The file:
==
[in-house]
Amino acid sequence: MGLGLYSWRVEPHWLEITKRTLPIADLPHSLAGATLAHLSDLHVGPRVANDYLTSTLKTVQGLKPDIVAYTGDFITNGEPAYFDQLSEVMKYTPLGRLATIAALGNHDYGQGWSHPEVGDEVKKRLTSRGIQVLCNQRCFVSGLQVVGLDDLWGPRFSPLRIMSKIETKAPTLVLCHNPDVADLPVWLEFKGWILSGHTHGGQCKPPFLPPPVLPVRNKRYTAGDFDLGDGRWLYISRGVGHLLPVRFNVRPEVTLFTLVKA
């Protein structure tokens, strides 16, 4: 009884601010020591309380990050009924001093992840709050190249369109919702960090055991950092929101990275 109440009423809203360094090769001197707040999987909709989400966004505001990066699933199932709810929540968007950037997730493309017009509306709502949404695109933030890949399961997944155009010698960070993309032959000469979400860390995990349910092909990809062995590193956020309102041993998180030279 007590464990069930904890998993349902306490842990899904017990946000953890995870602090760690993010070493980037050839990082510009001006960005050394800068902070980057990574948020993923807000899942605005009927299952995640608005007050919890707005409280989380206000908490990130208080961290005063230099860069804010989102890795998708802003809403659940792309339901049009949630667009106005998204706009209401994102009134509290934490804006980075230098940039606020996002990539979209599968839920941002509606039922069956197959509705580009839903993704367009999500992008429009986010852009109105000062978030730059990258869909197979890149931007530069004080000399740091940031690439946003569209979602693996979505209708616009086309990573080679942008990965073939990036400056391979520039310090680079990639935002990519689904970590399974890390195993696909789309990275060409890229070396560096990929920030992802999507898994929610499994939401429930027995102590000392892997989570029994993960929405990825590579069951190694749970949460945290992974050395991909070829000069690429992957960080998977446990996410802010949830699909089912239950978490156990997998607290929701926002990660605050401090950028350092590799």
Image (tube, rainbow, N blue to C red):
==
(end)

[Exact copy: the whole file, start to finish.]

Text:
[in-house]
Amino acid sequence: MGLGLYSWRVEPHWLEITKRTLPIADLPHSLAGATLAHLSDLHVGPRVANDYLTSTLKTVQGLKPDIVAYTGDFITNGEPAYFDQLSEVMKYTPLGRLATIAALGNHDYGQGWSHPEVGDEVKKRLTSRGIQVLCNQRCFVSGLQVVGLDDLWGPRFSPLRIMSKIETKAPTLVLCHNPDVADLPVWLEFKGWILSGHTHGGQCKPPFLPPPVLPVRNKRYTAGDFDLGDGRWLYISRGVGHLLPVRFNVRPEVTLFTLVKA
């Protein structure tokens, strides 16, 4: 009884601010020591309380990050009924001093992840709050190249369109919702960090055991950092929101990275 109440009423809203360094090769001197707040999987909709989400966004505001990066699933199932709810929540968007950037997730493309017009509306709502949404695109933030890949399961997944155009010698960070993309032959000469979400860390995990349910092909990809062995590193956020309102041993998180030279 007590464990069930904890998993349902306490842990899904017990946000953890995870602090760690993010070493980037050839990082510009001006960005050394800068902070980057990574948020993923807000899942605005009927299952995640608005007050919890707005409280989380206000908490990130208080961290005063230099860069804010989102890795998708802003809403659940792309339901049009949630667009106005998204706009209401994102009134509290934490804006980075230098940039606020996002990539979209599968839920941002509606039922069956197959509705580009839903993704367009999500992008429009986010852009109105000062978030730059990258869909197979890149931007530069004080000399740091940031690439946003569209979602693996979505209708616009086309990573080679942008990965073939990036400056391979520039310090680079990639935002990519689904970590399974890390195993696909789309990275060409890229070396560096990929920030992802999507898994929610499994939401429930027995102590000392892997989570029994993960929405990825590579069951190694749970949460945290992974050395991909070829000069690429992957960080998977446990996410802010949830699909089912239950978490156990997998607290929701926002990660605050401090950028350092590799």
Image (tube, rainbow, N blue to C red):